As Russian journalist Yevgenia Albats pointed out on Tuesday, the attack on Navalny occurred just at the time he was visiting the Siberian cities of Novosibirsk and Tomsk to promote the strategy of “smart voting” in the crucial upcoming September regional elections. The strategy, which proved successful in past elections, involves persuading voters to rally around the one candidate who has the best chance of defeating the candidate sponsored by the Kremlin's United Russia Party.
Navalny was also urging people to follow the example of protesters in Belarus, who were demanding an end to the dictatorship of Alexander Lukashenko. The possibility that similar unrest in Russia could threaten Putin's regime was no doubt causing deep concern in the Kremlin. But Navalny's relentless campaign against high-level government corruption provided the backdrop for the Kremlin's decision to move against him.
The Russian investigative group proekt.media recently published an extensive history of the Kremlin's attempts to silence "enemy number one" Navalny over the past decade, including arrests on bogus charges, ambitious propaganda campaigns, and physical assaults on Navalny and his associates. It is clear from this reporting that many of Putin's top advisers, not just those in the security services, have been engaged in the anti-Navalny efforts. Notably, the first deputy chief of Putin's administration, Sergei Kirienko, a former liberal ally of slain democratic opposition leader Boris Nemtsov, conducted a large meeting of experts during preparations for the March 2018 presidential elections to discuss whether or not Navalny should be jailed yet again. According to the report: “Kirienko noted in the meeting that sending Navalny to jail would be easy as pie: he is constantly breaching the terms of his suspended sentence by organizing unauthorized protests. As a result of these breaches his suspended sentence can easily be converted into prison camp time. That way, he would be prevented from causing trouble in the elections.”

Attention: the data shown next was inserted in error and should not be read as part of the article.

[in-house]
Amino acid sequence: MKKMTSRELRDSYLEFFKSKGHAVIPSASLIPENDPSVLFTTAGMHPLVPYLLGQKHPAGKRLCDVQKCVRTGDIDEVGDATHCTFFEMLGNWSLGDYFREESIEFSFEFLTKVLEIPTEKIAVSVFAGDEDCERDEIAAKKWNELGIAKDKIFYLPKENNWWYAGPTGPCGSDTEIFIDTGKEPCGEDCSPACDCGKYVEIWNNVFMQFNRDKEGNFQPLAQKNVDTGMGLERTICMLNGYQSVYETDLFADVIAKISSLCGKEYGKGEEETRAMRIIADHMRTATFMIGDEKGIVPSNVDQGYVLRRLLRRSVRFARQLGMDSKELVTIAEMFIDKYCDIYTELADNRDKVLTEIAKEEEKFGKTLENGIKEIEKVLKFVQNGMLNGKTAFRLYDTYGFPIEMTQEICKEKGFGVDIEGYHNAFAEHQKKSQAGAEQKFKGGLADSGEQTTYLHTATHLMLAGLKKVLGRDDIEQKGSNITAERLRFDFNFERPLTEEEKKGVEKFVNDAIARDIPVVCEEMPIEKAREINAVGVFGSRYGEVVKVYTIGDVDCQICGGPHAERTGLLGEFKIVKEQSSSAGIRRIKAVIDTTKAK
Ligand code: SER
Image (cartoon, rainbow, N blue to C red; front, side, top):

As far back as 2010, Navalny had ambitious plans to use corruption exposés as a means to undermine the arbitrary, undemocratic Kremlin regime. When he announced on Live Journal on April 28 of that year that he had won a six-month fellowship to attend Yale University, he assured his supporters that, while there, he would continue to “sharpen his stick.”
“I want to seriously expand the toolbox of our work and learn / understand how to use against Effective Managers [of the Kremlin] any foreign corruption laws, US / EU anti-money laundering laws, exchange rules, etc. We must be able to soak EM where they are not protected by greedy crooks from the General Prosecutor's Office and Russian courts,” he wrote.
Although, Navalny did not manage to fully enlist the U.S. and the European Union in his plans to expose the Kremlin, the investigations of corruption that he published on Navalny.com were viewed by millions of Russians. Here is a small sampling of the exposes produced by Navalny and the FPK that may have incurred the wrath of the Russian privileged classes:
8/3/11: Navalny reveals that a company owned by Russian banker Viktor Vekselberg bought the building of the Hungarian Trade Mission in Moscow for $21 million in 2008 and sold it to the Russian government for over five times that amount the next year. Navalny questions the decision of Prime Minister Dmitry Medvedev to have a “cheater” like Vekselberg put in charge of developing the Skolkovo high-tech business center.